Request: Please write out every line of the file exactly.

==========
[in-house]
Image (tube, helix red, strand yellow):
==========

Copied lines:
[in-house]
Image (tube, helix red, strand yellow):